chlorpyrifos (Dursban) when damage appears Golf course only. Generic formulations only.
cyfluthrin (Tempo) when damage appears  
deltamethrin (Deltagard) when damage appears  
indoxacarb (Provaunt) June – July Often provides several weeks protection.
lambda-cyhalothrin (Battle, Scimitar) when damage appears  
Spinosad (Conserve) when damage appears  
Allectus June to mid July combination product – Merit + Talstar
Aloft June to mid July combination product – proprietary blend of chlothianidin and bifenthrin.
Maxide June – July combination product – Meridian + Scimitar

Scouting: Monitor adult activity with black light traps. Apply insecticides two to three weeks after peak flights. Scout for caterpillars (late in the day or early in the morning) with soapy flushes.

Treatment: Most cutworms are nocturnal, so treatments are most effective if applied late in the day. Water lightly (less than 0.10”). On golf courses inspect aerification holes throughout summer. Damage often becomes most noticeable shortly after aerification, particularly in late summer. Apply two to three weeks after peak moth flight.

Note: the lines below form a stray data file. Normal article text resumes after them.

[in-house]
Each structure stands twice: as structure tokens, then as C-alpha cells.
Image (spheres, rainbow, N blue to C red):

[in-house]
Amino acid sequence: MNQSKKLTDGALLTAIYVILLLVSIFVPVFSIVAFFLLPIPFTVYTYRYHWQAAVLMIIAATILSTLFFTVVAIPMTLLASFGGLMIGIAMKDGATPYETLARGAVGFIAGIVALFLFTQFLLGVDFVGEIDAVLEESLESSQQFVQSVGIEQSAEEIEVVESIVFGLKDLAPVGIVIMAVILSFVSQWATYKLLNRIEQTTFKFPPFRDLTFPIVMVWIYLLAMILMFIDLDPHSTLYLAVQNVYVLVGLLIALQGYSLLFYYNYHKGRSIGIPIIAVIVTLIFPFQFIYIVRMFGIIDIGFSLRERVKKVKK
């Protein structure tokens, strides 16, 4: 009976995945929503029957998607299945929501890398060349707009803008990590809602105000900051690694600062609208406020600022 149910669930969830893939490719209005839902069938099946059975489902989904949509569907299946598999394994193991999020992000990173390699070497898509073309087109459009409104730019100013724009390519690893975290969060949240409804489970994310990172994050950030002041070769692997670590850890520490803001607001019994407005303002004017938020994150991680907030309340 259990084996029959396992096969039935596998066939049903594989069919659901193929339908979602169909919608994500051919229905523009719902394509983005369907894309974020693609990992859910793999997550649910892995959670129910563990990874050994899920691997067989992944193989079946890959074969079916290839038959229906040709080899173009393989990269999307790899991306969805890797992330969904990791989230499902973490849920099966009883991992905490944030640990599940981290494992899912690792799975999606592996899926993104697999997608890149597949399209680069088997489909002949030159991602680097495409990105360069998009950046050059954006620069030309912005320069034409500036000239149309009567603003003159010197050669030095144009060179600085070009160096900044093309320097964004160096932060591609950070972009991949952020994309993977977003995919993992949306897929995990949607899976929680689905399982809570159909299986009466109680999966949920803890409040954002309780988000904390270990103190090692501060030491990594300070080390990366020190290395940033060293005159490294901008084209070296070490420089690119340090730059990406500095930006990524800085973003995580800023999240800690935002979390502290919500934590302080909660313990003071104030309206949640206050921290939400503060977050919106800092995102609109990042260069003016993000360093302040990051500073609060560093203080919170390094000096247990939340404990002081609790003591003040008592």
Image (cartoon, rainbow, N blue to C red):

Insect Insecticide Ideal Timing Comments
Sod webworm bifenthrin (Talstar) when damage appears  
carbaryl (Sevin) when damage appears Very toxic to honey bees. Repeat applications may be needed, especially after heavy rain. Not available for use on school grounds in Massachusetts.
chlorantraniliprole (Acelepryn) mid May to mid June Several weeks of protection when applied at high label rate.
chlorpyrifos (Dursban) when damage appears Golf course use only. Generic formulations only.
cyfluthrin (Tempo) when damage appears  
lambda-cyhalothrin (Battle, Scimitar) when damage appears  
deltamethrin (Deltagard) when damage appears  
indoxacarb (Provaunt) June – July  
Spinosad (Conserve) June – July  
Allectus June – July combination product – Merit + Talstar
Aloft June – July combination product – proprietary blend of chlothianindin and bifenthrin
Maxide June – July combination product – Meridian + Scimitar

Scouting: Monitor adult activity by inspecting turf surface at twilight looking for small “tube moths” flitting just above the canopy. Scout for caterpillars with soapy flushes.